I admire their decision to take this next step in their journey, although I can’t even begin to imagine that next step in my own life. They both “just knew” it was time and what a gift that must have been for them.
So, here’s to a few more laps…. But like most marathons, I have the power and stamina to make them count, because of the amazing impact of these two educators, who were there with me at the beginning of this race!
Dear Sue, I am honoured and humbled by your words. You have always been such a special friend and colleague to me, and your faith in me has inspired me every step of the way! I always have, and always will, look up to you and your outstanding leadership that was apparent way back in 1985 when we started the education journey together, and still inspires me today. Thank you.
This is beautiful, Sue. I am working through the pain of seeing mentors retire, but haven’t processed that soon it will also be my peers. Your post reminds me of the need to savour time the time we have together with our friends still in the race, and to have the power and stamina to make them count!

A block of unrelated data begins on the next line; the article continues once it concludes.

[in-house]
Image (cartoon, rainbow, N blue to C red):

What a story, Sue! Teachers thrive, persist, and grow when they’ve got the kinship of a fellow teacher friend and mentor. I know, without 4 of my besties, I’d be a very different teacher. Thanks for sharing your story. You continue to inspire many of us in your path. 👍🏻🙌🏻👊🏻
Such a great reflection of two amazing educators! I also worked with Suzanne at Jury and little did I know that years later when she was at Mountsfield that she would sit with my son many times to help ease his transition into JK!
Well said. There are so many excellent things that teachers do that no one really knows except those who are doing the doing! In every role in education that one assumes, there are new skills to learn, explore and share and always, that initial pure love of being a teacher shines through. The three of you exemplify the best of the best.